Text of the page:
Design review for Lina Bo Bardi’s exhibition at the Museum of A in São Paulo


When the São Paulo Art Museum (MASP) opened the doors of its new home in 1969, visitors were shocked to find over 100 paintings hovering in the main gallery, with each work hanging from a glass panel rather than a wall. In the 1990s, this unprecedented project, designed by modernist building architect Lina Bo Bardi, fell out of favor and the space was carved out with standard partitions. Like much of the growing fan club of Italian-Brazilian talent, I had to content myself with experiencing its radical hook-up through ghostly black and white photographs, those vintage images recording the feel of grabbing an entire collection. at a glance. But last December, Bo Bardi’s original scheme was recreated – and it’s as surprising today as it was half a century ago.

Prior to immigrating to Brazil in 1946, Bo Bardi had witnessed the exhibition of unorthodox art in historic buildings through the work of Franco Albini, who placed paintings on free-standing metal rods in his reimagined galleries at the Pinacoteca di Brera in Milan. On the other side of the Atlantic, Bo Bardi experiments with daring, reconsidering museums as places of exploration of “ways of showing” while “creating an atmosphere” to induce active encounters rather than simple contemplation. reverent.

Located on Avenida Paulista de São Paulo, facing a dense urban park, the MASP site offered a view of the horizon even as it plunged into a ravine. A mandate to preserve the view inspired Bo Bardi to divide the museum into two structures – one nestled in the hill, its roof terrace at street level, the other a two-story glazed box held aloft. . In this raised volume, she lets her imagination fly, displaying pictures on staggered glass easels like aligned sentries. A canvas was to be experienced as if it were still in the artist’s studio, caught in the moment of creativity rather than embalmed on a museum wall. On either side, expanses of floor-to-ceiling glass framed a sweeping view of the treetops and the city.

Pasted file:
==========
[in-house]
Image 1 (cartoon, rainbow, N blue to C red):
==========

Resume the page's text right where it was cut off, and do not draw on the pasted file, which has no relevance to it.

When I visited MASP last July, the easels, stabilized with concrete blocks and wooden wedges, had been recreated by the local company Metro Arquitetos. The frames of each painting are screwed to the glass, with labels on the back of the glass so that reading can never interfere with viewing. The works are to be understood one by one, not as belonging to a movement or to a period. (Although, unless you literally have your nose on the canvas, the peripheral views of so many other rooms can be awkward.) Interestingly, what was originally an exit on the other end of the gallery in relation to the entrance is now reserved for emergencies, which means that visitors have the strange and unintentional experience of retracing their steps, looking at the rear of the collection, a retreating army. It’s a sight I never envisioned looking longingly at those old photographs, and it adds a whole new dimension to Lina Bo Bardi’s experience – an experience that has rarely been considered, in which, behind the scenes , the framing materials are as visible as the works themselves.

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